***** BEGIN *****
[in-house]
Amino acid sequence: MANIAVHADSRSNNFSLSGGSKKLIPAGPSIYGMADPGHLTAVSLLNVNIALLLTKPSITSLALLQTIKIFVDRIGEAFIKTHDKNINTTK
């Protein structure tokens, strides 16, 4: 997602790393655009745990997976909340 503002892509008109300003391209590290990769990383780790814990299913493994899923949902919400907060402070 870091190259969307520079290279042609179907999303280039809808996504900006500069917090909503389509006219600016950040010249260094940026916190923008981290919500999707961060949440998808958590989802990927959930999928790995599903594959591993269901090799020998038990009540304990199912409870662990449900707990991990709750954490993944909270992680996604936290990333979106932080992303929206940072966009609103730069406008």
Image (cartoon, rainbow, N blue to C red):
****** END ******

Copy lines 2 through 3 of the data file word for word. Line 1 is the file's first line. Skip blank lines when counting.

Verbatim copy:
Amino acid sequence: MANIAVHADSRSNNFSLSGGSKKLIPAGPSIYGMADPGHLTAVSLLNVNIALLLTKPSITSLALLQTIKIFVDRIGEAFIKTHDKNINTTK
């Protein structure tokens, strides 16, 4: 997602790393655009745990997976909340 503002892509008109300003391209590290990769990383780790814990299913493994899923949902919400907060402070 870091190259969307520079290279042609179907999303280039809808996504900006500069917090909503389509006219600016950040010249260094940026916190923008981290919500999707961060949440998808958590989802990927959930999928790995599903594959591993269901090799020998038990009540304990199912409870662990449900707990991990709750954490993944909270992680996604936290990333979106932080992303929206940072966009609103730069406008």